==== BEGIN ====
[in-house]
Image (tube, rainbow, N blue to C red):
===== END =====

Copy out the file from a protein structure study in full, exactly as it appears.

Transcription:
[in-house]
Image (tube, rainbow, N blue to C red):